Two data scientists explain artificial intelligence for the lay reader

AIQ explains how artificial intelligence works.

Most of the books about artificial intelligence highlight such things as self-driving cars and facial recognition—the brilliant innovations in hardware and software by the engineers and coders who build the stuff and make it work. They dwell variously on the field’s potential and its impact on our lives today. This book, by two academic data scientists, instead drills down into the underlying logic of AI, the fuel that powers it, and the statistical rules that govern its operations. Because artificial intelligence is all about statistical probabilities. And AIQ by Nick Polson and James Scott truly fulfills the promise of its subtitle: How Artificial Intelligence Works and How We Can Harness Its Power for a Better World.


AIQ: How Artificial Intelligence Works and How We Can Harness Its Power for a Better World by Nick Polson and James Scott (2018) 261 pages @@@@@ (5 out of 5)


The statistical rules behind how artificial intelligence works

Surprised that statistics should be central to artificial intelligence? Polson and Scott explain. “Open up a blank email on your phone and try dictating a test phrase: ‘The weather report calls for rain, whether or not the reigning queen has an umbrella.’ If you’re a native English speaker and your phone runs iOS or Android, it will almost surely get the sentence right, without confusing weather/whether or rain/reign . . . The software knows that ‘whether’ and ‘reign’ are statistically more likely in some contexts, while ‘weather’ and ‘rain’ are more likely in others. This isn’t because your phone somehow understands the meaning of words. There’s no meaning involved, just a rich set of context-specific probabilities for basically every English word and phrase ever uttered on the internet.” And how does it know all that? Because the superfast computers on which the software runs have surveyed “basically every English word and phrase ever uttered on the internet.” (Yes, they can do that.)

The people who laid the foundation for artificial intelligence

One of the reasons this book reads so well is that the authors infuse each chapter with the story of an individual whose work—sometimes centuries ago—laid the foundation for what we now call artificial intelligence. And what people they are! The group includes some who are truly famous (Sir Isaac Newton and nurse-administrator Florence Nightingale) or near-famous (computer scientist Grace Hopper and baseball great Joe Dimaggio) as well as those you’ve probably never heard of (a Hungarian-American statistician named Abraham Wald and astronomer Henrietta Leavitt).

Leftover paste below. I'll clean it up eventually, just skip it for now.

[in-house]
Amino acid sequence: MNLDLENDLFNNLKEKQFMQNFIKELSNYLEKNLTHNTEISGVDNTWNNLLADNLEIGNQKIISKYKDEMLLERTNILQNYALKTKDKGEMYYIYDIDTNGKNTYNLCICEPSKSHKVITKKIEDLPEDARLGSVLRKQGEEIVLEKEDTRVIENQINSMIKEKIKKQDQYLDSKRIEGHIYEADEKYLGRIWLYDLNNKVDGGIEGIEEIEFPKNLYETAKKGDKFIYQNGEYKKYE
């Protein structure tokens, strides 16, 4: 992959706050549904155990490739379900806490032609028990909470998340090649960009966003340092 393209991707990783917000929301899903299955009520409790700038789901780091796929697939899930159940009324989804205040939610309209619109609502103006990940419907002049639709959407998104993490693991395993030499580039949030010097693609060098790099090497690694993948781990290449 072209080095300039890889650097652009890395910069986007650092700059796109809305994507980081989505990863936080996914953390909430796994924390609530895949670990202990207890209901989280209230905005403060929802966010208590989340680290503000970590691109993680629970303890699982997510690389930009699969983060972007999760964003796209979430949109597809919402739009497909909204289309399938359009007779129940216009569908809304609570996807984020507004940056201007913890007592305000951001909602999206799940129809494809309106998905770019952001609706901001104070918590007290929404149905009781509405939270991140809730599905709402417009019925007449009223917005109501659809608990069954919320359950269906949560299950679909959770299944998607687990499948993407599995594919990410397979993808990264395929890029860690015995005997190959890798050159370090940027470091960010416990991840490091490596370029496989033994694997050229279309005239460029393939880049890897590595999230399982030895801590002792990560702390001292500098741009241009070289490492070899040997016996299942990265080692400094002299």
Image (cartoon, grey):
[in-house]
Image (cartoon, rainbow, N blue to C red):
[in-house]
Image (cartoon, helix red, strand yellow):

The surprising work of Florence Nightingale

Every one of these stories is fascinating, but the most in-depth of them features Florence Nightingale. “It turns out that when she wasn’t caring for soldiers, Nightingale was also a skilled data scientist who successfully convinced hospitals that they could improve health care using statistics. In fact, no other data scientist in history can claim to have saved so many lives as Florence Nightingale. In 1859, in honor of these achievements, she became the first woman ever elected to the U.K.’s Royal Statistical Society.” Surprising, isn’t it? (If not, go to the head of the class.)

It’s happening now, and it’s only the beginning

For the most part, in their effort to explain how artificial intelligence works, Polson and Scott dwell on its history and underlying logic. But they venture into the future as well. “Today?” they write. “Self-driving cars are just the start. Don’t forget about autonomous flying taxis, like the ones the government of Dubai has been testing since September of 2017. Or the autonomous iron mine run by Rio Tinto, in the middle of the Australian outback. Or the autonomous shipping terminal at the Port of Qingdao, in China—six enormous berths spanning two kilometers of coastline, 5.2 million shipping containers a year, hundreds of robot trucks and cranes, and nobody at the wheel.” So, is this a good thing, or bad? How many jobs will be lost through such projects? Polson and Scott don’t spend time on the question. You’ll need to read another book for perspective on the matter. This book will just help you understand how very logical it all is.

For further reading

You’ll find other books on this topic at Two dozen good books about artificial intelligence reviewed here.

I’ve also reviewed four other books about data science:

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